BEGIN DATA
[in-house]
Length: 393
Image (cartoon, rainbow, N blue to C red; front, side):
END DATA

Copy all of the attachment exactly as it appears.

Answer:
[in-house]
Length: 393
Image (cartoon, rainbow, N blue to C red; front, side):